Ondi Timoner, an acclaimed documentary filmmaker in her own right, recently interviewed the directors of four documentaries that premiered at the Sundance Film Festival in 2013. All of the interviews are worth watching, but I was especially taken with her chat with Robert Stone about Pandora’s Promise. That segment starts at minute 27:11.
You should be able to click on this link and the video will start at the Robert Stone segment – after the obligatory pre-roll ad.
Timoner’s questions reveal how many people have an initial reaction of fear when they hear the word “nuclear”, but how that initial reaction is also often accompanied by intense curiosity about the technology and what it might be able to do. She starts with a question about how Pandora’s Promise might surprise people who are familiar with Radio Bikini, the first film that Stone introduced at Sundance. The question allows Stone to clearly separate his continued abhorrence of nuclear weapons from his belief that nuclear energy represents an enormous opportunity for humanity to prosper without destroying the ability of the planet to sustain civilization as we know it.
Timoner mentioned her empathy for Stone and how his film is being received; as the director of Cool It!, which described Bjorn Lomborg’s pragmatic ideas about climate change, Timoner has also tried to encourage environmentalists to engage in critical thinking about solutions instead of just railing about problems. As she described in one interview about Cool It!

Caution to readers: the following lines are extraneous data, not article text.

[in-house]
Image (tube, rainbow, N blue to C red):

Filmmaker: There’s an almost cultish feel to certain kinds of end-times environmentalist rhetoric. Were you thinking at all about the connecting points between what you’ve done in the past, especially on Join Us, and Bjørn’s contrarian stance with regard to this kind of hysteria?
Timoner: It absolutely was at the forefront of my mind. I realized I was kind of destined to make this movie was when I discovered all this shutting down of information, with people having to quit their job or because what they said didn’t follow the single-solution party line. You know, “Cut carbon by 50 percent or you’re the devil. This is the greatest moral issue of our time.” Certainly it’s up there, but the fact that 2 billion people don’t have clean drinking water is pretty amoral.
Based solely on the way that she phrased her questions, it sounds like Lomborg did not mention that nuclear energy might be the real solution to fossil fuel dependence or that it might avert many of the worst potential consequences of climate change. During her interview with Stone, Timoner learns about his motivation for making the film, the reception it is getting, and his plan to take a year and a half off from film making so that he can promote Pandora’s Promise and the message that it contains.
Here is my interpretation of Stone’s message: Nuclear energy can enable humans to flourish and live abundant lives without destroying the Earth’s ability to sustain us all. I am pleased that he is working to promote that message and grateful to Ondi Timoner for helping him.